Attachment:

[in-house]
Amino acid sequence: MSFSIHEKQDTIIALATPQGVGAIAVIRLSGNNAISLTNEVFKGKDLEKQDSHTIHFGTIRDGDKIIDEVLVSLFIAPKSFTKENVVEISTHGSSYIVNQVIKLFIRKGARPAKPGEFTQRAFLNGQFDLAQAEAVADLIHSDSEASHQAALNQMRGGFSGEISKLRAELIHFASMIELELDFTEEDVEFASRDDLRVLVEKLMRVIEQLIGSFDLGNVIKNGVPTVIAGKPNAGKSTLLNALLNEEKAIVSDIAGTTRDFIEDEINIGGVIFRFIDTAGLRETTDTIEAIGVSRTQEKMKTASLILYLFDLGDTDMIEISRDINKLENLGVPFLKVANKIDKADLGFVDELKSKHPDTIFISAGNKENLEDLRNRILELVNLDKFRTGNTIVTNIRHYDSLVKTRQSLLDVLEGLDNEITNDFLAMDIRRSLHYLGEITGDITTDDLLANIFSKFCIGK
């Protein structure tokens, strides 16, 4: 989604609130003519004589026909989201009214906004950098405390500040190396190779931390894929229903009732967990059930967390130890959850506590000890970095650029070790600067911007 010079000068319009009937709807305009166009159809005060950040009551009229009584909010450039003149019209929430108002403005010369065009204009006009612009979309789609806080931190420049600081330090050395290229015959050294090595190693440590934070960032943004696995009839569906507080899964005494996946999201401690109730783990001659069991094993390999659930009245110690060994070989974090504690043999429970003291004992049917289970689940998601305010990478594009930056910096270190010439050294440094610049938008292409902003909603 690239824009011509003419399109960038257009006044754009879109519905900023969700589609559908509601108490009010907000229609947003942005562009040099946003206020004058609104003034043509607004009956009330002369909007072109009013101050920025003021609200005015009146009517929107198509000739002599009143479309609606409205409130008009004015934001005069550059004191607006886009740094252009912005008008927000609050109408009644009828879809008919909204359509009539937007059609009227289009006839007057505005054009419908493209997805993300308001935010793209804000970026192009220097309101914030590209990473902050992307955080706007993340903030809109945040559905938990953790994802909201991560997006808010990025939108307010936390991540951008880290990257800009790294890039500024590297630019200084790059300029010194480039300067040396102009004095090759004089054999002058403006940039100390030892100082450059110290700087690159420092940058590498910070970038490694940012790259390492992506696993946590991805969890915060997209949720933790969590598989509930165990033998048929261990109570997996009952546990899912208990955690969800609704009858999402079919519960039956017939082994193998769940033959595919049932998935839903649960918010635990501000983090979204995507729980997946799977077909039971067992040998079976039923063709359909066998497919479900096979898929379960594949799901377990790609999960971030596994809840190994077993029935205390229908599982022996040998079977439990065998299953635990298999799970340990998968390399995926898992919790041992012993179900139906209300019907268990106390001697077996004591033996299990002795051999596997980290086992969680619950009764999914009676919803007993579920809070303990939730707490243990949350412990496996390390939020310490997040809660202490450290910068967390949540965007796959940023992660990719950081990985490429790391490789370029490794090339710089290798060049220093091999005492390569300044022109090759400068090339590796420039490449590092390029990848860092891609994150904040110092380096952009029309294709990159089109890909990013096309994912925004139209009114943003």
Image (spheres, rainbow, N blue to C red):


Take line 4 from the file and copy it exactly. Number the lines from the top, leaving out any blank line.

Image (spheres, rainbow, N blue to C red):